nanoengineering

Researchers Seek Alternatives for Reducing Foodborne Bacteria in Fresh Produce with the Help of Nanoengineering Techniques

by Wayne State University

Nearly half of foodborne illnesses in the U.S. from 1998 through 2008 have been attributed to contaminated fresh produce. Prevention and control of bacterial contamination on fresh produce is critical to ensure food safety. The current strategy remains industrial washing of the product in water containing chlorine. However, due to sanitizer ineffectiveness there is an urgent need to identify alternative antimicrobials, particularly those of natural origin, for the produce industry.

Pens Filled with High-Tech Inks for Do It Yourself Sensors

A new simple tool developed by nanoengineers at the University of California, San Diego, is opening the door to an era when anyone will be able to build sensors, anywhere, including physicians in the clinic, patients in their home and soldiers in the field. The team from the University of California, San Diego, developed high-tech bio-inks that react with several chemicals, including glucose. They filled off-the-shelf ballpoint pens with the inks and were able to draw sensors to measure glucose directly on the skin and sensors to measure pollution on leaves.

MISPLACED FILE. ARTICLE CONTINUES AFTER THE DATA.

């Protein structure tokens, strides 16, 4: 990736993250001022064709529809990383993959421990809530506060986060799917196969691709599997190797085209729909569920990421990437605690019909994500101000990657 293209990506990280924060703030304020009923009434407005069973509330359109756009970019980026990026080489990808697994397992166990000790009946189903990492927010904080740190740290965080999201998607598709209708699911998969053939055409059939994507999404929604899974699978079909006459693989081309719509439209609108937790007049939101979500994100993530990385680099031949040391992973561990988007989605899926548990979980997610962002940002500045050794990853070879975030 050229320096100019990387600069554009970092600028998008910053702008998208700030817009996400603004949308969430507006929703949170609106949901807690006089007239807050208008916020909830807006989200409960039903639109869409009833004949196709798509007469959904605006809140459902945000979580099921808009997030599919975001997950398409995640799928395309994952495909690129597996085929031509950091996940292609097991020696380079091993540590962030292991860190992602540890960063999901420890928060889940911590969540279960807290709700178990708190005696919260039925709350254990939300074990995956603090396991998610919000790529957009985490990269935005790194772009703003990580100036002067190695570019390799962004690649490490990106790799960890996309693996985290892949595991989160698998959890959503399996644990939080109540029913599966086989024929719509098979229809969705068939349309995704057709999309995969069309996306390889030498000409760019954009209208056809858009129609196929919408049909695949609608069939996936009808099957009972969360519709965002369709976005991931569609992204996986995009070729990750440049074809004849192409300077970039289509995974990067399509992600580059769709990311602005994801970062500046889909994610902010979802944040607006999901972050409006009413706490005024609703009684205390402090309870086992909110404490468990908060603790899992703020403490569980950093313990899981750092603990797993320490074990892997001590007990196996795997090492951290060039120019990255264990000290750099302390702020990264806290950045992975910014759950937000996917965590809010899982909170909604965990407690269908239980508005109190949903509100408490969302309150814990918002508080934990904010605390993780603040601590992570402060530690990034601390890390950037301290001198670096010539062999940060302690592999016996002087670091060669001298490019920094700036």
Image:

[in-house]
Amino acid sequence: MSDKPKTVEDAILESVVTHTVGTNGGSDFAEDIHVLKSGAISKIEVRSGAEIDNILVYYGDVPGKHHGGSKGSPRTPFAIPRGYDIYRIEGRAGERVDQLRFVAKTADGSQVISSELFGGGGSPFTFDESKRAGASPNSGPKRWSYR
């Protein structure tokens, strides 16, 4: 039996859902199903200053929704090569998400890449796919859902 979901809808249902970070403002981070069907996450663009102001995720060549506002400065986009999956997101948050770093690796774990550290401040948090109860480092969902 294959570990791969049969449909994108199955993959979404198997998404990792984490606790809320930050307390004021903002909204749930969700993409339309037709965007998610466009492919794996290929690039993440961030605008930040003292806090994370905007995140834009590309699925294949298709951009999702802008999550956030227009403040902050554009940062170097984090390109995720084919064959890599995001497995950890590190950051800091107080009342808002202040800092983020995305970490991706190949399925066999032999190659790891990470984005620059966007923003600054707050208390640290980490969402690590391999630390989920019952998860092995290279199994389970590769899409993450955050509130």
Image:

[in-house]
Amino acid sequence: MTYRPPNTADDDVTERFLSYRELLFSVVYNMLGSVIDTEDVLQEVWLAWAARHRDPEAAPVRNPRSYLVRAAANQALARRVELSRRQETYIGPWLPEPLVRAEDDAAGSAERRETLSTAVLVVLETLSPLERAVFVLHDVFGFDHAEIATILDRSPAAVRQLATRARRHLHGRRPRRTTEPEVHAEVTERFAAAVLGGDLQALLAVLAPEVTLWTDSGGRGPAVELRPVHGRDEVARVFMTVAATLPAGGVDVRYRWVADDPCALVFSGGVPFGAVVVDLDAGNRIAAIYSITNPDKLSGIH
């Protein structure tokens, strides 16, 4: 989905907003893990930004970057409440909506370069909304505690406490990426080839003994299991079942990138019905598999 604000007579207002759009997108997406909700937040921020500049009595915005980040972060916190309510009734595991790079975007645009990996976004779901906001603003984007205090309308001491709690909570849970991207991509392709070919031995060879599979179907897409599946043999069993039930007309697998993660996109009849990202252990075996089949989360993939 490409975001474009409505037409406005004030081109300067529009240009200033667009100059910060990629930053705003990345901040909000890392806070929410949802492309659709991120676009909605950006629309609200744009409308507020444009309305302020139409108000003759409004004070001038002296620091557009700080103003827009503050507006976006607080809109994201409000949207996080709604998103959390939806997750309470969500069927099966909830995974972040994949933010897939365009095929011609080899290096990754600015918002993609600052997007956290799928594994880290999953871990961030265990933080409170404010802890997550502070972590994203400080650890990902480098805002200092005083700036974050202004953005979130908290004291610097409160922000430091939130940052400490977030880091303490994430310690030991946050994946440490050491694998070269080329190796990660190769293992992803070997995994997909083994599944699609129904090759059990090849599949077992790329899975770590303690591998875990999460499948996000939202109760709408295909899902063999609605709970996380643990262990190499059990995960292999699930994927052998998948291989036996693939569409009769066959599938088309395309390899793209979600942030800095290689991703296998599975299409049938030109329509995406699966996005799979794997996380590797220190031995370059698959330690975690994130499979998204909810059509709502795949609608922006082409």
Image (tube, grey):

Wayne State Receives National Science Foundation Grant for Training Future Nanoengineers

by Wayne State University
According to the National Nano Initiative - a U.S. Government research and development initiative involving nanotechnology-related activities of 27 department and agency units - the demand for technicians and research scientists in nanotechnology-related industries is anticipated to grow significantly as nanotechnology-enabled products and processes mature.